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Relationship between lead uptake by lettuce and water-soluble low-molecular-weight organic acids in rhizosphere as influenced by transpiration.
J Agric Food Chem. 2007 Oct 17; 55(21):8640-9.JA

Abstract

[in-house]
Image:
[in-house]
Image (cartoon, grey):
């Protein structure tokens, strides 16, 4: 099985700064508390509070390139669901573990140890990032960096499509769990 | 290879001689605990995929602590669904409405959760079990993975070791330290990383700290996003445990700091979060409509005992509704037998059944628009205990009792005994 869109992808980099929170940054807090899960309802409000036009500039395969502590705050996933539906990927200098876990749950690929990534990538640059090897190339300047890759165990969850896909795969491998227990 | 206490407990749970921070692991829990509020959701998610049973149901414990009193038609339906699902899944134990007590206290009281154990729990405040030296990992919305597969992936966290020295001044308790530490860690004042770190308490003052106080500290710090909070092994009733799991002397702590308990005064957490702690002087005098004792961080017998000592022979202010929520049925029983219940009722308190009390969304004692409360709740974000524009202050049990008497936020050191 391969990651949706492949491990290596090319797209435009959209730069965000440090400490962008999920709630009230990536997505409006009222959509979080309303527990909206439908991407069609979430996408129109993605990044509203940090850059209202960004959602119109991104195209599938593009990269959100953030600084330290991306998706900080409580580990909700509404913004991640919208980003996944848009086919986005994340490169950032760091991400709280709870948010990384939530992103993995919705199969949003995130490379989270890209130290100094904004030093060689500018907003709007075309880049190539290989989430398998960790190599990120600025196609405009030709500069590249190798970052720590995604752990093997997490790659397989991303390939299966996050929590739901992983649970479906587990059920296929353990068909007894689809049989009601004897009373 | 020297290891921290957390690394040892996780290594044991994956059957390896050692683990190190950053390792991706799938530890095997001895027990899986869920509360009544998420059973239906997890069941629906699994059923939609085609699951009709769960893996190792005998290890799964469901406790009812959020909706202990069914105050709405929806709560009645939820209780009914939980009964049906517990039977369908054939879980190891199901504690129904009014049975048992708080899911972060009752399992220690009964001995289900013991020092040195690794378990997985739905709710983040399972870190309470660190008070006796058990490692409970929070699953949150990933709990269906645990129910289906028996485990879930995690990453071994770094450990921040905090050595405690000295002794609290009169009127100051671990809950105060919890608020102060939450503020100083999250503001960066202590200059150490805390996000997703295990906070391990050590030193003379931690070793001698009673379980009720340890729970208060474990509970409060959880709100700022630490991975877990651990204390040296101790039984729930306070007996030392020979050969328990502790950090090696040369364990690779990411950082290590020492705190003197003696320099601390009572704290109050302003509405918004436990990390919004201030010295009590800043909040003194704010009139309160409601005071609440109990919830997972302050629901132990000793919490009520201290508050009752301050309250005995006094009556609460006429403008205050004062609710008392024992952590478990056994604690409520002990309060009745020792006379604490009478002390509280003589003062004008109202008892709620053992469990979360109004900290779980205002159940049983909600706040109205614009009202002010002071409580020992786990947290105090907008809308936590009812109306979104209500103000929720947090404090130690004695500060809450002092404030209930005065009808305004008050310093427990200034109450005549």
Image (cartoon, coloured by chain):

The relationship between Pb uptake by leaf lettuce (Lactuca sativa L.) and water-soluble low-molecular-weight organic acids (LMWOAs) in rhizosphere, as influenced by transpiration (high and low), has been studied. Studies were carried out by culturing lettuce plants grown for 2 weeks in pots filled with quartz sand mixed with anion-exchange resin and then for 30 days in a greenhouse. The potted lettuce plants were subjected to stress by the addition of Pb(NO 3) 2 solutions (100, 200, and 300 mg of Pb L (-1)) and by high and low transpiration treatments for another 10-day period. Blank experiments (without addition of Pb(NO 3) 2 solutions to the pots) were also run. There were no significant differences in the growth of the plants with the addition of Pb(NO 3) 2 solutions in either of the transpirations studies. Uptake of Pb by the shoots and roots of the plants was found to be proportional to the concentration of Pb solutions added, and more accumulation was observed in the roots than in the shoots at the end of days 3 and 10. High transpiration caused more Pb uptake than did low transpiration. One volatile acid (propionic acid) and nine nonvolatile acids (lactic, glycolic, oxalic, succinic, fumaric, oxalacetic, d-tartaric, trans-aconitic, and citric acids) in rhizosphere quartz sand or anion-exchange resin were identified and quantified by gas chromatography analysis with a flame ionization detector. The amount of LMWOAs in rhizosphere quartz sand or anion-exchange resin increased with higher amounts of Pb in quartz sand solution and also with longer duration of the study. The total quantities of the LMWOAs in the rhizosphere quartz sand or anion-exchange resin were significantly higher under high and low transpiration with a 300 mg of Pb L (-1) solution addition at the end of day 10. Compared with our previous related studies (published work), the present study shows that the presence of LMWOAs in rhizosphere does not significantly affect Pb uptake by lettuce plants under high and low transpiration. A physiological mechanism of the roots of lettuce plants governing the relationship between Pb contamination level and quantity of water-soluble LMWOAs in rhizosphere quartz sand and resin, as influenced by transpiration, was proposed.